Overall, I’m really glad that my December 29 paycheck is going to be my third paycheck this month, making it an “extra” one that isn’t part of my normal budgeting process. Here’s to hoping 2018 will be a strong financial year for me!

Are there any end of year money moves you’re making? Any other financial things I should consider before 2017 is over?

Tax planning

I’m hoping to get some comments and opinions on this post. I’m trying to decide if I should file my taxes next year using a product like Turbo Tax or continue to use a tax professional. What works for you? Why do you choose to prepare your own taxes? Or, why do you choose to use a professional?

I used to handle my own tax returns until I got married. I can’t recall exactly why my ex-husband and I started to go to a CPA/tax professional during our first year of marriage, but I do recall that my mother-in-law recommended the person to us. Throughout my marriage and even after I was divorced I continued to use his services.

I always thought a tax professional was there to advise and help you figure out the intricacies of the tax code, and since I also liked the guy I didn’t see a reason to stop. Shortly after my divorce I consulted with him about my plan to rent rooms in my house because I wanted to understand the pros and cons from a tax perspective. His advice was encouraging and I was glad I had talked to him first as it guided my approach to tracking expenses related to renting rooms.

My last year in Chicago was the last year he prepared my taxes. Sadly, he died unexpectedly on April 15th of that year. It seemed oddly poignant that his last days were spent working long hours for his clients.

By that time, though, he had started working closely with some other professionals who were able to step in quickly and take over his clients. I met with one of them before I left Chicago so I could explore whether he could continue to help me after my move, and to make sure I was adequately prepared from a tax perspective for the big financial change that would happen when I sold my house and moved over 2,000 miles away. Based on that meeting, I decided to keep working with him.

When I received the tax package from him early this year, I briefly considered doing my own taxes. I had an investment loss in 2015, however, and I wasn’t confident about how to handle it, so I decided it would be best to continue working with him. For the 2016 tax year I’ll be back on familiar ground with mortgage and property tax deductions, as well as following the same steps as in 2015 for the investment loss.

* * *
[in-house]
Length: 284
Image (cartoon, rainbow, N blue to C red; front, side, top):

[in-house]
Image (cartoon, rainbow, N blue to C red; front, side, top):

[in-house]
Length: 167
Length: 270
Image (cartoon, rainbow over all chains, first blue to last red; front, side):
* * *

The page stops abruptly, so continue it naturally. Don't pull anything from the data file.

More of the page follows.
From a preparation perspective, I doubt there would be much difference between working with a CPA/tax professional and preparing the tax forms myself. I’m responsible for providing the data and for keeping receipts and documentation. Filling out the worksheets I’m provided every year and pulling all the data together takes me several hours. Inputting it shouldn’t take much longer, so I think with a good tax program I should be able to complete the tax returns myself and not miss any credits or deductions. I’m just not 100% sure.

Last month I decided to take steps to find a local tax professional by setting up an appointment with a person highly recommended on While I liked her and we had a good conversations, she informed me that her minimum fees were twice what I was paying the CPA back in Illinois. She gave me the names of two other local firms I could look into that would likely have lower fees, but when I looked them up online and saw their range of services I started questioning my need for working with a professional at all.

So, should I go it alone for the 2016 tax year? Or should I continue working with a professional? What do you do and why?


Identity theft and income taxes

I haven’t filed my 2012 income taxes yet, but I had planned to file them electronically like most people do these days. Unfortunately that option is no longer available to me because someone else has already filed a 2012 return using my social security number.

My first clue that something was very, very wrong was when I looked through my mail last Monday night and found an envelope from the U.S. Department of Treasury with a familiar look to it. I’m old enough to remember the days when filing income taxes involved mailing off my taxes and receiving a paper refund check in return. And when I opened the envelope, that’s what I found: a refund check made out to me and a stranger named Janice. (I’m not going to give Janice’s full name here as she may be just as much of a victim as me.)